For HIV-1 to enter a cell, its envelope glycoprotein gp120 must sequentially associate with the cellular receptor CD4 and a chemokine co-receptor, principally CCR5 or CXCR4. CD4 induces in gp120 a conformational change necessary for a high affinity-association with co-receptor. The CD4 and co-receptor-binding sites are the most conserved and functionally important regions of gp120. The co-receptor-binding site includes at least two highly conserved sulfotyrosine-binding pockets which associate with sulfotyrosines in the CCR5 amino-terminus. These pockets are to some extent formed in the absence of CD4, and are conserved in both CCR5- and CXCR4-using viruses (R5 and X4 viruses, respectively). Association of gp120 with CCR5 sulfotyrosines may induce a second conformational change in gp120 necessary for its subsequent interaction with the remainder of the CCR5 ectodomain. Here we describe a novel peptide inhibitor of HIV-1 entry, formed of two components: a 27-amino-acid CD4 mimetic developed in the laboratory of the late Claudio Vita, and a 12-amino-acid tyrosine-sulfated CCR5 mimetic that we have developed. When the two mimetic peptides are linked, the combined """"""""double mimetic"""""""" peptide has dramatically higher affinity for gp120 than either mimetic alone, and is a potent inhibitor of both R5 and X4 HIV-1 isolates. This potency likely derives from cooperativity between the CD4- and CCR5-mimetic components, and perhaps enhanced triggering of irreversible conformational changes in the HIV-1 envelope glycoprotein. An improved double-mimetic peptide has a number of potential advantages as a therapeutic, especially in concert with other entry inhibitors in late clinical trials or current use. We propose to improve and characterize this novel entry inhibitor, with focus on how it works in concert with enfuvirtide and small-molecule CCR5 antagonists.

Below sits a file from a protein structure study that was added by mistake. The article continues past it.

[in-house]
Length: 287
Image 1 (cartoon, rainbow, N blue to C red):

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In this proposal, we present a novel peptide inhibitor of HIV-1 entry that combines two peptides, each of which emulates an obligate HIV-1 receptor. This class of inhibitors has a number of potential advantages, especially in concert with other treatments for HIV-1 infection. We seek here to improve and characterize this inhibitor.

National Institute of Health (NIH)
National Institute of Allergy and Infectious Diseases (NIAID)
Research Project (R01)
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AIDS Discovery and Development of Therapeutics Study Section (ADDT)
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Conley, Tony J
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Harvard University
Schools of Medicine
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